Tags: Global Warming | Keystone XL | pipeline | vote | Oregon

How Did Oregon Senators Vote in Narrow Defeat of Keystone XL Pipeline?

By    |   Tuesday, 15 Sep 2015 08:29 PM

The debate over the long-proposed construction of the Keystone XL pipeline seemed to conclude in early March, when a U.S. Senate vote fell five votes short of the two-thirds majority needed to override President Barack Obama's veto. In Oregon, the votes went along party lines.

The proposed 1,179-mile pipeline could've moved up to 830,000 barrels of oil a day from Canada to Nebraska. Legislation for the structure had been defeated in November 2014, but a new Republican Congress approved it in January, only to have it vetoed by Obama. The 62-37 vote to override the veto fell five votes short of the 67 votes needed to resurrect the project.

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Oregon Democrats Jeff Merkley and Ron Wyden supported the veto and voted against the pipeline in November, arguing that it would further damage the already fragile environment.

When it became clear that the new Republican-led Congress would pass the measure as one of their first acts, Merkley called for a presidential veto.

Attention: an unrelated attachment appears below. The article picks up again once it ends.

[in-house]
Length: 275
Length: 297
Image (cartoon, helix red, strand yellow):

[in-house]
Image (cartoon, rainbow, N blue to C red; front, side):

"The Keystone XL Pipeline would accelerate climate change and put the environment at risk," Merkley said in a statement on his website, before the re-vote. "We need to stand together and stop it before we’re too late. ... Climate change is already harming the farms, forests and other natural resources our economy depends on, and this project will only make climate change worse."

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Wyden has voted against every Keystone XL pipeline bill brought before the Senate. "Building the Keystone XL pipeline isn't about lowering gas prices in Oregon — it's about padding the profits of foreign oil companies," read a newsletter issued on Wyden's website.


Originally put forth in 2005, the Keystone XL has epitomized the conflict between oil companies and environmentalists that is at the root of the highly political debate.

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The debate over the long-proposed construction of the Keystone XL pipeline seemed to conclude in early March, when a U.S. Senate vote fell five votes short of the two-thirds majority needed to override President Barack Obama's veto.
Keystone XL, pipeline, vote, Oregon
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2015-29-15
Tuesday, 15 Sep 2015 08:29 PM
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